7. When the news came out that the Twins had signed Matt Belisle, my level of surprise was fairly low. I don’t know why. It just seems like what we would have always deemed a “Twins” type of move. The DFAing of Petit was also not a surprise. But as I gave it more thought, my mind raced in several different directions, and at the end of the day, I’m much calmer, but I can’t say that the move makes any more sense than it did eight hours ago. It still begs several questions. 1.) What Does Matt Belisle Have Left? Matt Belisle got off to a very slow start last year with the Minnesota Twins, but he turned it on in the second half. He pitched well and did a nice job as the Twins closer after the Brandon Kintzler trade at the deadline. Late in the offseason, he signed a one year, $1.5 million deal with Cleveland. He made the Opening Day roster. He began the season with three scoreless outings before giving up runs in his next three outings. He responded with two scoreless outings. Cleveland DFAd him. Belisle became a free agent, but soon re-signed with the team. He was released on Sunday and signed with the Twins on Tuesday. In his 10 2/3 innings, he posted a 5.06 ERA. He walked one and struck out just four. In nine outings (and also 10 2/3 innings) for Triple-A Columbus, Belisle posted a 4.22 ERA with one walk and 11 strikeouts. In other words, he shouldn’t be a late-inning reliever, but the 38-year-old can probably be a solid big league pitcher still. 2.) What Does It Say About The Front Office’s Opinion of the AAA Relievers? This was my first thought, and I know it was the thought of many others. First and foremost, it is inexplicable to me that Alan Busenitz isn’t pitching in the big leagues. Of course, that was my opinion before the Belisle signing. He pitched well late in the 2017 season for the Twins and became a reliable arm for Paul Molitor. While Busenitz didn’t make the Opening Day roster, he was promoted in mid-April. He then pitched in four of the next six games. The Twins were struggling and needed arms, so Busenitz was sent back to Rochester. In 14 games for the Red Wings, He has posted a 0.38 ERA. In 24 innings, he has given up 15 hits, walked five and struck out 28. The 27-year-old has nothing to prove in AAA, and he still have some upside. But Busenitiz isn’t the only reliever in Rochester who has to be wondering what the Twins front office is thinking. Tyler Duffey was just sent down over the weekend to make room for outfielder Jake Cave. Duffey had pitched well in limited duty since being called back up. That said, it did make sense to want a fourth bench bat. So, three days later, adding a bullpen arm and going back to three bench bats has to make him think. In 26 innings over 11 outings for the Red Wings, Duffey has posted a 1.38 ERA. He’s walked seven and struck out 26 batters. John Curtiss has the pitches to be a dominant reliever. While his short stay with the Twins earlier this season wasn’t pretty, it doesn’t (or shouldn’t) limit anyone’s idea of his potential. Coming into Tuesday, he had a 1.61 ERA in 22 1/3 innings. In that time, he had 31 strikeouts, but ten walks. Luke Bard has 19 strikeouts and six walks in his 17 innings (11 games) since his return to the Red Wings after his stint with the Los Angeles Angels. His big fastball, slider and spin rates are pretty much big league ready. Nick Anderson has given up nine earned runs in his last three outings (2 2/3 innings) which raised his season ERA from 1.16 to 4.15. So, as rough as this current “slump” is, it’s important to think about the first 14 games and 23 1/3 innings. In his 26 innings, he has walked 12 and struck out 39. Jake Reed remains in the organization. He missed time earlier in the year and has struggled somewhat in his return. In his 15 2/3 innings over ten outings, he has walked seven and struck out 14 batters. While he’s left-handed, Gabriel Moya has also pitched well in his five weeks with the Red Wings after being optioned at the end of April. He’s posted a 2.11 ERA in 21 1/3 innings. In that time, he has walked eight and struck out 29 batters. Trevor May is working his way back from Tommy John surgery. As his rehab stint ended, the Twins optioned him to Rochester and he has worked out of the bullpen since. At some point, he’ll be ready as well. That is a lot of quality options who all were just told that they have been pushed down the line another spot with the Belisle signing. The team likely calls it "depth." Hopefully the players will consider it a challenge. The other option is that they get overly upset and don't handle it well. 3.) What Kind of Leader is Belisle? (And What Kind of Leadership Does This Twins Team Need?) Matt Belisle likely isn’t going to be a difference maker for the Twins bullpen (which, frankly, has been pretty solid most of the season). The Twins have pitchers at Rochester who are just as talented, if not more talented, and younger. What we keep hearing is that the Twins are bringing in Belisle for his leadership in the clubhouse. Fair enough. There were plenty of good stories in 2017 about the role Belisle played for the team, particularly in a leadership role. However, when the Twins signed Fernando Rodney, there was some conversation about him being brought in as a leader for the pitchers. Then Zack Duke was signed, and we heard about how great of a teammate he is. And, when they signed Addison Reed, his leadership was again mentioned. I don’t mean to downplay the value of veteran leadership. It is important. But there are a lot of veterans, and there are a lot of veterans who are touted as leaders, and there are several indications that the clubhouse is not a happy place right now. There are issues. The team is five games under .500, not at all where they felt they would be at this point, Can Matt Belisle’s leadership push the Twins to more wins? That is to be determined. Can he help the Twins offense score more runs? That would also be helpful. As would getting more of the regulars back on the field and healthy. Summary So at the end of the day, this is a minor move. Matt Belisle probably has a little left in the tank. Maybe he can help out. Maybe he can eat some of the innings that are currently constantly going to Addison Reed and Ryan Pressly so that they don’t reach 100 games pitched this year. Trevor Hildenberger is starting to take more and more of those opportunities, and Matt Magill has pitched well enough to earn those opportunities as well. We have also seen what Paul Molitor likes from his bullpen. He trusts Addison Reed and Ryan Pressly. In the first half last year, he trusted Taylor Rogers and ran him into the ground by the second half. We saw that somewhat in the second half last year when he used Trevor Hildenberger most every day over the final couple of months. My guess is that Molitor will not be afraid to use Matt Belisle late in games because of how well he did in the role last year. Trust. I also suspect that this is one move that the front office is giving Molitor and the team, a veteran, in an attempt to win this year. The trade deadline is about seven weeks away. By mid-July, the front office will have some big decisions to make. Most important, will they believe that the Twins could still make the playoffs this year? As Nick wrote yesterday, it’s not yet time to give up on this year. What this signing appears to me to be, in the big picture, is a message to the team and its veterans that they have a little over a month to turn things around and put themselves in a position to compete for a playoff spot. If not, all bets are off and at that time, we can start discussing which veterans could be on the trading block and which players will come up to take their places.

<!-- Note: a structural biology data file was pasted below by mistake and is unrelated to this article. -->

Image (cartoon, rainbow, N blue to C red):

8. On Tuesday afternoon, the Minnesota Twins announced that reliever Matt Belisle had signed with the Twins after being released a day earlier by Cleveland. Infielder Gregorio Petit was Designated for Assignment to make room on the 40-man and 25-man rosters. It was a minor transaction, in the big picture, but it certainly created a ton of discussion. What does this signing mean for the Twins? Let’s try to figure it out.When the news came out that the Twins had signed Matt Belisle, my level of surprise was fairly low. I don’t know why. It just seems like what we would have always deemed a “Twins” type of move. The DFAing of Petit was also not a surprise. But as I gave it more thought, my mind raced in several different directions, and at the end of the day, I’m much calmer, but I can’t say that the move makes any more sense than it did eight hours ago. It still begs several questions. 1.) What Does Matt Belisle Have Left? Matt Belisle got off to a very slow start last year with the Minnesota Twins, but he turned it on in the second half. He pitched well and did a nice job as the Twins closer after the Brandon Kintzler trade at the deadline. Late in the offseason, he signed a one year, $1.5 million deal with Cleveland. He made the Opening Day roster. He began the season with three scoreless outings before giving up runs in his next three outings. He responded with two scoreless outings. Cleveland DFAd him. Belisle became a free agent, but soon re-signed with the team. He was released on Sunday and signed with the Twins on Tuesday. In his 10 2/3 innings, he posted a 5.06 ERA. He walked one and struck out just four. In nine outings (and also 10 2/3 innings) for Triple-A Columbus, Belisle posted a 4.22 ERA with one walk and 11 strikeouts. In other words, he shouldn’t be a late-inning reliever, but the 38-year-old can probably be a solid big league pitcher still. 2.) What Does It Say About The Front Office’s Opinion of the AAA Relievers? This was my first thought, and I know it was the thought of many others. First and foremost, it is inexplicable to me that Alan Busenitz isn’t pitching in the big leagues. Of course, that was my opinion before the Belisle signing. He pitched well late in the 2017 season for the Twins and became a reliable arm for Paul Molitor. While Busenitz didn’t make the Opening Day roster, he was promoted in mid-April. He then pitched in four of the next six games. The Twins were struggling and needed arms, so Busenitz was sent back to Rochester. In 14 games for the Red Wings, He has posted a 0.38 ERA. In 24 innings, he has given up 15 hits, walked five and struck out 28. The 27-year-old has nothing to prove in AAA, and he still have some upside. But Busenitiz isn’t the only reliever in Rochester who has to be wondering what the Twins front office is thinking. Tyler Duffey was just sent down over the weekend to make room for outfielder Jake Cave. Duffey had pitched well in limited duty since being called back up. That said, it did make sense to want a fourth bench bat. So, three days later, adding a bullpen arm and going back to three bench bats has to make him think. In 26 innings over 11 outings for the Red Wings, Duffey has posted a 1.38 ERA. He’s walked seven and struck out 26 batters.John Curtiss has the pitches to be a dominant reliever. While his short stay with the Twins earlier this season wasn’t pretty, it doesn’t (or shouldn’t) limit anyone’s idea of his potential. Coming into Tuesday, he had a 1.61 ERA in 22 1/3 innings. In that time, he had 31 strikeouts, but ten walks.Luke Bard has 19 strikeouts and six walks in his 17 innings (11 games) since his return to the Red Wings after his stint with the Los Angeles Angels. His big fastball, slider and spin rates are pretty much big league ready.Nick Anderson has given up nine earned runs in his last three outings (2 2/3 innings) which raised his season ERA from 1.16 to 4.15. So, as rough as this current “slump” is, it’s important to think about the first 14 games and 23 1/3 innings. In his 26 innings, he has walked 12 and struck out 39.Jake Reed remains in the organization. He missed time earlier in the year and has struggled somewhat in his return. In his 15 2/3 innings over ten outings, he has walked seven and struck out 14 batters.While he’s left-handed, Gabriel Moya has also pitched well in his five weeks with the Red Wings after being optioned at the end of April. He’s posted a 2.11 ERA in 21 1/3 innings. In that time, he has walked eight and struck out 29 batters.Trevor May is working his way back from Tommy John surgery. As his rehab stint ended, the Twins optioned him to Rochester and he has worked out of the bullpen since. At some point, he’ll be ready as well.That is a lot of quality options who all were just told that they have been pushed down the line another spot with the Belisle signing. The team likely calls it "depth." Hopefully the players will consider it a challenge. The other option is that they get overly upset and don't handle it well. 3.) What Kind of Leader is Belisle? (And What Kind of Leadership Does This Twins Team Need?) Matt Belisle likely isn’t going to be a difference maker for the Twins bullpen (which, frankly, has been pretty solid most of the season). The Twins have pitchers at Rochester who are just as talented, if not more talented, and younger. What we keep hearing is that the Twins are bringing in Belisle for his leadership in the clubhouse. Fair enough. There were plenty of good stories in 2017 about the role Belisle played for the team, particularly in a leadership role. However, when the Twins signed Fernando Rodney, there was some conversation about him being brought in as a leader for the pitchers. Then Zack Duke was signed, and we heard about how great of a teammate he is. And, when they signed Addison Reed, his leadership was again mentioned. I don’t mean to downplay the value of veteran leadership. It is important. But there are a lot of veterans, and there are a lot of veterans who are touted as leaders, and there are several indications that the clubhouse is not a happy place right now. There are issues. The team is five games under .500, not at all where they felt they would be at this point, Can Matt Belisle’s leadership push the Twins to more wins? That is to be determined. Can he help the Twins offense score more runs? That would also be helpful. As would getting more of the regulars back on the field and healthy. Summary So at the end of the day, this is a minor move. Matt Belisle probably has a little left in the tank. Maybe he can help out. Maybe he can eat some of the innings that are currently constantly going to Addison Reed and Ryan Pressly so that they don’t reach 100 games pitched this year. Trevor Hildenberger is starting to take more and more of those opportunities, and Matt Magill has pitched well enough to earn those opportunities as well. We have also seen what Paul Molitor likes from his bullpen. He trusts Addison Reed and Ryan Pressly. In the first half last year, he trusted Taylor Rogers and ran him into the ground by the second half. We saw that somewhat in the second half last year when he used Trevor Hildenberger most every day over the final couple of months. My guess is that Molitor will not be afraid to use Matt Belisle late in games because of how well he did in the role last year. Trust. I also suspect that this is one move that the front office is giving Molitor and the team, a veteran, in an attempt to win this year. The trade deadline is about seven weeks away. By mid-July, the front office will have some big decisions to make. Most important, will they believe that the Twins could still make the playoffs this year? As Nick wrote yesterday, it’s not yet time to give up on this year. What this signing appears to me to be, in the big picture, is a message to the team and its veterans that they have a little over a month to turn things around and put themselves in a position to compete for a playoff spot. If not, all bets are off and at that time, we can start discussing which veterans could be on the trading block and which players will come up to take their places. Click here to view the article